• Stuff spiraling around spinning black holes: Black holes have a strong gravitational field, and when rotating, they can impart angular momentum (lots of it) to nearby objects like accretion disks. Objects close to a black hole are accelerated to pretty high speeds. In fact, if an object is within the ergosphere, it moves faster than light from the point of view of certain frames of reference.
  • Stuff falling into black holes: From the faraway frame, an object speeds up and approaches the speed of light as it approaches the horizon of a back hole. Arbitrarily large speeds bounded by $c$ can be attained here.
  • Black hole plasma jets: Jets being flung out of black holes can get pretty fast relative to each other.

1. Due to cosmic expansion, there can be galaxies that are no longer visible to us. Some galaxies may never have been visible to us, if we start watching from when galaxies started forming.

2. I, for one, agree with you.

3. And other places where you have massive particles being emitted really fast into a medium

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Nice post. A couple of things, though: 1) While galaxies may travel faster than the speed of light with respect to one another, you may want to make the distinction that this is a global (not a local) statement, 2) The actual electron neutrino (and all neutrino flavors for that matter) is not known. We may have limits on these masses, and structure in the universe would certainly look much different if they were much heavier than what people believe them to be, but that disclaimer should be present, 3) lastly, what do you mean when you say that neutrinos travel faster in a gravitational field? –  astromax Nov 8 '13 at 4:04
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Here's more of a discussion as to why no laws were harmed in the making of your post: curious.astro.cornell.edu/question.php?number=56. In summary, the reason why we can see things that are globally moving away from us faster than the speed of light is because they weren't always. While it's true that the rate of expansion between two distant points in the universe are moving faster than c (hence making them causally disconnected from the point at which they did so), that wasn't always the case in the past. We're simply seeing the lag - our cosmic monitors haven't refreshed yet. –  astromax Nov 8 '13 at 4:24
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@astromax Thanks for the input and the edit! (1) I think I know what you mean, but could you elaborate? (2) Yes, but the upper bound is pretty tiny for $\nu_e$, so we get a rather high lower bound for avg speed. I'll edit that in though. (3) Oh, I just meant that neutrinos can be accelerated further in a gravitational field, making them even faster. (4) I mentioned that in the post ("the only reason..."), but the link is appreciated! –  Manishearth Nov 8 '13 at 8:54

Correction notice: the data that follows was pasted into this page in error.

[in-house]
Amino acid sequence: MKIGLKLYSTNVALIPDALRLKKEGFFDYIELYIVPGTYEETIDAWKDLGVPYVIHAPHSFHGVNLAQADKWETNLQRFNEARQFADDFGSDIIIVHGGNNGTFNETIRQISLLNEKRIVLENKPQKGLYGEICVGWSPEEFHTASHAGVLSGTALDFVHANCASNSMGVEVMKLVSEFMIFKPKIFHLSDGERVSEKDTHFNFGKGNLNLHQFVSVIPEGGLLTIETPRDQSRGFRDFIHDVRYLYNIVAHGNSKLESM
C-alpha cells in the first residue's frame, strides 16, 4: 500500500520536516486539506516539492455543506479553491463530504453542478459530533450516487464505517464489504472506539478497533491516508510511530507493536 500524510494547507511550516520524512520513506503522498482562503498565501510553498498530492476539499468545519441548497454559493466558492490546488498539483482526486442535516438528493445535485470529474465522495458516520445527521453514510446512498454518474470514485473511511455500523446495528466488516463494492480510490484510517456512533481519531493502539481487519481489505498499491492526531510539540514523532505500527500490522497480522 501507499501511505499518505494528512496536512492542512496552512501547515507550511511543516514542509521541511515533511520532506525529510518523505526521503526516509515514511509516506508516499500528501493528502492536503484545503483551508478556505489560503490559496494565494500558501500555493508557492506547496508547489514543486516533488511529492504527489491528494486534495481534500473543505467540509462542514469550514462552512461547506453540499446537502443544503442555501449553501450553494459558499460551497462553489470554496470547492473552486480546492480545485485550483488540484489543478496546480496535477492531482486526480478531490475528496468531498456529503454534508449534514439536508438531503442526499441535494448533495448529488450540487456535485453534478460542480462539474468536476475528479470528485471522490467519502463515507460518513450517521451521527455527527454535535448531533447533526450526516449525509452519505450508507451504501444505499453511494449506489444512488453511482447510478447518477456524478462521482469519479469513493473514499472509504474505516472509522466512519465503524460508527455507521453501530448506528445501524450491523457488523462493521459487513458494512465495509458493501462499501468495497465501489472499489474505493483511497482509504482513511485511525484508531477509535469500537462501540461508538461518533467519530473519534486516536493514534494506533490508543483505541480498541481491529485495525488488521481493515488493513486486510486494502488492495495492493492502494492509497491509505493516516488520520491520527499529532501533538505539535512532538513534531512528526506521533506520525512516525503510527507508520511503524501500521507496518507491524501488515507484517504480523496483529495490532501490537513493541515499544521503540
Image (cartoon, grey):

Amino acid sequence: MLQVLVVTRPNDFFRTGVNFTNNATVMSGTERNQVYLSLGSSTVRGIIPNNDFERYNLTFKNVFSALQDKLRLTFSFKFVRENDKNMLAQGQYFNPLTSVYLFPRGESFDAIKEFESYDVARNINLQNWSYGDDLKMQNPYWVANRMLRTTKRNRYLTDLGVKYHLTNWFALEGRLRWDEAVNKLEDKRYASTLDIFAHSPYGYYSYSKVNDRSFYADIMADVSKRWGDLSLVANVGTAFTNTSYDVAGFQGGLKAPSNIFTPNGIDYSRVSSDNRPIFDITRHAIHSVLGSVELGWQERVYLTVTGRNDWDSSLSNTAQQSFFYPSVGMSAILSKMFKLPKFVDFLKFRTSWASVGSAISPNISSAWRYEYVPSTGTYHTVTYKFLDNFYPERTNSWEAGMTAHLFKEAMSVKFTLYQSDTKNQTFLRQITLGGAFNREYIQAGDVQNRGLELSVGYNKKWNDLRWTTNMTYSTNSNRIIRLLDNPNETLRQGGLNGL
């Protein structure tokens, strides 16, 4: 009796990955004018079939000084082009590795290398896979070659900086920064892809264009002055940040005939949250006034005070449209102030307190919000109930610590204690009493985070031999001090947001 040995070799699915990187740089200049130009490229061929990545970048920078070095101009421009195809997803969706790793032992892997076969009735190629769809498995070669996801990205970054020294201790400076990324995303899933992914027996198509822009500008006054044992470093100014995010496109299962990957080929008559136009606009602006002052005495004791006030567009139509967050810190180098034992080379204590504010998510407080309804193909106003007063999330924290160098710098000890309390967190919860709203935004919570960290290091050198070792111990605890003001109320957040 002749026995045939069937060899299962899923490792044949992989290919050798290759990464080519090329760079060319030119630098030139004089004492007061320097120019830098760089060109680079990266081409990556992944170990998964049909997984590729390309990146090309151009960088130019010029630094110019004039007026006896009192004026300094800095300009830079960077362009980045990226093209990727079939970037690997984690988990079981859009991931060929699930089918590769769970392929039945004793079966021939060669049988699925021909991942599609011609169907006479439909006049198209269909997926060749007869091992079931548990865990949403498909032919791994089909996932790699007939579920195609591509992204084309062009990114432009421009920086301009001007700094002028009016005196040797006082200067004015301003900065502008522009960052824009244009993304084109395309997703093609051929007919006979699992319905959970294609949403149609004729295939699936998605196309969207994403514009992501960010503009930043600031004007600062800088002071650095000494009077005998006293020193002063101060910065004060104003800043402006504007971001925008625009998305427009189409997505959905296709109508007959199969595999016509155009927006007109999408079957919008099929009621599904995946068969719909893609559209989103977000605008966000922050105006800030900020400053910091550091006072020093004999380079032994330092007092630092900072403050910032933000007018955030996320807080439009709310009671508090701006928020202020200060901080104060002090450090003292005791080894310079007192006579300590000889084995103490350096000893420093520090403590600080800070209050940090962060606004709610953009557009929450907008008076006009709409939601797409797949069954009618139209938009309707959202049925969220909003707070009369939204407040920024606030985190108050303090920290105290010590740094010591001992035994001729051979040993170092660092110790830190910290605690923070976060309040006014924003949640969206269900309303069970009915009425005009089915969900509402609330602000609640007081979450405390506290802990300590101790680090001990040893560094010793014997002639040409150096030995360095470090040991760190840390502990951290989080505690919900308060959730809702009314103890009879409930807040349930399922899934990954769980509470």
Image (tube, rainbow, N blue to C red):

Well - as the previous link points out, inertial reference frames go out the window when you talk about acceleration. Locally, everybody is an inertial reference frame (and locally space is always flat - this is one of the important things about GR), so the local speed of light is always obeyed. Globally, all bets are off. –  astromax Nov 8 '13 at 13:37
    
@astromax Ah, alright, I sort of assumed that wouldn't cause any confusion, but it's a good thing to mention. Thanks! –  Manishearth Nov 8 '13 at 14:58

There is also another mediator particle which moves at the speed of light other than the photon. This is the gluon, which is the exchange particle for the strong force. The odd thing about the gluon is that it's never seen by itself (that is, outside of collections of other gluons).

Also, though neutrinos do in fact have mass, they are neutral particles. Why I'm bringing this up is because in supernovae explosions neutrinos actually outpace the photons - they do not interact with charged particles because they are weak, and they pass through considerable amounts of mass (namely dust and gas) before an interaction might occur. What this means is if you could detect the neutrinos coming from a supernova it would give you early warning that the photons would soon follow. This would give you time to measure its light curve (see: SNEWS: The SuperNova Early Warning System).

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Good point about neutrinos! Don't forget also about gravitons, which also propagate at the speed of light with little interaction, not being particles in a common sense, though. –  Alexey Bobrick Nov 7 '13 at 20:54